To better help protect the community, the Soldotna Police Department has initiated a program which allows Soldotna area residents to bring unused prescription drugs to the police station for safe disposal. "Sometime patients suffer drug reactions which make it impossible for them to use an entire prescription, or maybe they just don't need as many pills as they received." says Soldotna Chief of Police John Lucking. "Keeping the drugs creates a danger to children in the home, especially if the drugs are narcotics, but disposing of them improperly can also create a serious environmental problem. We are encouraging people to bring the drugs to the police station so that we can be sure that they are disposed of properly."
Misuse of drugs prescribed to others is a growing problem among youth nationwide, and leftover prescriptions are sometimes being shared or sold on the street. Soldotna Police officers feel this program will help to remove some of those drugs from circulation, as well as helping to reduce the risk of young children finding them and being accidentally poisoned. In addition to protecting children and teens from misappropriating the drugs, Lucking also sees the program as something good for the environment. "While it has been a common place practice to flush excess prescription drugs down the toilet and into sewers or septic systems, this is an act which has been shown to have the potential to contaminate ground water supplies. Being a river city, we have a special appreciation for the importance of keeping our water free of contaminants. It could be an environmental disaster if they would find their way into our beautiful Kenai River and local streams. By giving the public a safe place to dispose of unwanted drugs, we think we are extending the way that we protect and serve our community into a new dimension," said Lucking.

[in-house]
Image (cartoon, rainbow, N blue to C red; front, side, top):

Last year on September 25th the Soldotna police joined other law enforcement agencies across the nation in facilitating a single day drug turn-back event. "The event was so successful," said Lucking "that it was quickly apparent that a need existed to expand the idea. We began to work with the Soldotna Professional Pharmacy to coordinate efforts to get unneeded pharmaceuticals off the streets."
According to Soldotna Law Enforcement Officials, there have been incidents of breaking and entering locally where the motivation has been to steel prescription narcotics. "If they know it's there, they may break in to find it and we want to keep these medicines off the streets. So partnering with Soldotna Professional Pharmacy to keep these medications off the streets has many positive aspects including protecting children who might get into the leftover drugs, to reducing crime and helping the environment," added SPD Sgt. Duane Kant.
The Central Peninsula Hospital Foundation joined the effort, and supported the police project by providing the funds needed to purchase a secure drop box which has been mounted in the lobby of the Soldotna police station. Any unneeded prescription drugs can be brought to the police station during business hours and deposited anonymously in the special drop box. No questions will be asked as to the origin of the drugs. Persons with unwanted over-the-counter drug products that may also be toxic to the environment can bring those to Soldotna Professional Pharmacy, which is providing a complementary community service by collecting those uncontrolled substances and insuring their proper disposal.
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